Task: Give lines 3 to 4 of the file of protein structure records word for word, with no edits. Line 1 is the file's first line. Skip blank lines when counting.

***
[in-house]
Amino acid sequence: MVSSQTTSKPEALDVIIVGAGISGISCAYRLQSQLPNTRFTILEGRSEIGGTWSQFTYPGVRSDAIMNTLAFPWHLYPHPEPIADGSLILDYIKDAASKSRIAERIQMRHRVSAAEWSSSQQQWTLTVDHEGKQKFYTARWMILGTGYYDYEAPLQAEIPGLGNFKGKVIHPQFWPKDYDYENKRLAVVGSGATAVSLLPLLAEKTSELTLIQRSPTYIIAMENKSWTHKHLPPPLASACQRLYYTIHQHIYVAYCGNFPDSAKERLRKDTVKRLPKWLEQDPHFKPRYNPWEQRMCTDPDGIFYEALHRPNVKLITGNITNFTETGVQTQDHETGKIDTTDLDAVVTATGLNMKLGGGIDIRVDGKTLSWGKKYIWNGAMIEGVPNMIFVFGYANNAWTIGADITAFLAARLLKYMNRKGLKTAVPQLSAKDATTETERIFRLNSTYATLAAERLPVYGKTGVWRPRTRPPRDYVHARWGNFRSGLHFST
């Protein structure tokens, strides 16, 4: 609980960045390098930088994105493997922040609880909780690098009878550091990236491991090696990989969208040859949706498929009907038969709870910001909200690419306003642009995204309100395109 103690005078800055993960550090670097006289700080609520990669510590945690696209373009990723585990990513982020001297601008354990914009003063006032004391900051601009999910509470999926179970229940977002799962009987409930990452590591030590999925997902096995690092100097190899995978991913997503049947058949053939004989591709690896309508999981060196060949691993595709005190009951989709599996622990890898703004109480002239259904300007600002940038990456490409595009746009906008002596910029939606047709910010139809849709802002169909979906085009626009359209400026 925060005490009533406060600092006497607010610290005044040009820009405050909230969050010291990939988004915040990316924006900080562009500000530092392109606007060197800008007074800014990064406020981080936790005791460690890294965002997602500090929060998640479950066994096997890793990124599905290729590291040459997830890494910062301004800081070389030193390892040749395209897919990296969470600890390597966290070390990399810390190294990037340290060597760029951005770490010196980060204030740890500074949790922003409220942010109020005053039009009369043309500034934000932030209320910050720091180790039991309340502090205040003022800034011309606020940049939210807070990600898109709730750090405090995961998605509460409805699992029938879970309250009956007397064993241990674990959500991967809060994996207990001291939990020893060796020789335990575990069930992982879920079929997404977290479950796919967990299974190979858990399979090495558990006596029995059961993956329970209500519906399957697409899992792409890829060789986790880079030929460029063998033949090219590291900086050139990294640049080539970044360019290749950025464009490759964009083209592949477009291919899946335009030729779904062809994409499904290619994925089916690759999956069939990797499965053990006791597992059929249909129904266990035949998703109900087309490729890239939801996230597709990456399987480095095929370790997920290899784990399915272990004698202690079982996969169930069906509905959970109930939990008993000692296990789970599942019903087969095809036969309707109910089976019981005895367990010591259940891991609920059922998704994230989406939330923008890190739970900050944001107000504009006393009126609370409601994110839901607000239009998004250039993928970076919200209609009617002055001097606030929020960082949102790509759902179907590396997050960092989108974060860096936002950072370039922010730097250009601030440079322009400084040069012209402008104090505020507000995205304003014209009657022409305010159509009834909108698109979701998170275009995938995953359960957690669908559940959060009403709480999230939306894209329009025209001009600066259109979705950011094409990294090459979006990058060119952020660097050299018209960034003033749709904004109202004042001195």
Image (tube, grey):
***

């Protein structure tokens, strides 16, 4: 609980960045390098930088994105493997922040609880909780690098009878550091990236491991090696990989969208040859949706498929009907038969709870910001909200690419306003642009995204309100395109 103690005078800055993960550090670097006289700080609520990669510590945690696209373009990723585990990513982020001297601008354990914009003063006032004391900051601009999910509470999926179970229940977002799962009987409930990452590591030590999925997902096995690092100097190899995978991913997503049947058949053939004989591709690896309508999981060196060949691993595709005190009951989709599996622990890898703004109480002239259904300007600002940038990456490409595009746009906008002596910029939606047709910010139809849709802002169909979906085009626009359209400026 925060005490009533406060600092006497607010610290005044040009820009405050909230969050010291990939988004915040990316924006900080562009500000530092392109606007060197800008007074800014990064406020981080936790005791460690890294965002997602500090929060998640479950066994096997890793990124599905290729590291040459997830890494910062301004800081070389030193390892040749395209897919990296969470600890390597966290070390990399810390190294990037340290060597760029951005770490010196980060204030740890500074949790922003409220942010109020005053039009009369043309500034934000932030209320910050720091180790039991309340502090205040003022800034011309606020940049939210807070990600898109709730750090405090995961998605509460409805699992029938879970309250009956007397064993241990674990959500991967809060994996207990001291939990020893060796020789335990575990069930992982879920079929997404977290479950796919967990299974190979858990399979090495558990006596029995059961993956329970209500519906399957697409899992792409890829060789986790880079030929460029063998033949090219590291900086050139990294640049080539970044360019290749950025464009490759964009083209592949477009291919899946335009030729779904062809994409499904290619994925089916690759999956069939990797499965053990006791597992059929249909129904266990035949998703109900087309490729890239939801996230597709990456399987480095095929370790997920290899784990399915272990004698202690079982996969169930069906509905959970109930939990008993000692296990789970599942019903087969095809036969309707109910089976019981005895367990010591259940891991609920059922998704994230989406939330923008890190739970900050944001107000504009006393009126609370409601994110839901607000239009998004250039993928970076919200209609009617002055001097606030929020960082949102790509759902179907590396997050960092989108974060860096936002950072370039922010730097250009601030440079322009400084040069012209402008104090505020507000995205304003014209009657022409305010159509009834909108698109979701998170275009995938995953359960957690669908559940959060009403709480999230939306894209329009025209001009600066259109979705950011094409990294090459979006990058060119952020660097050299018209960034003033749709904004109202004042001195």
Image (tube, grey):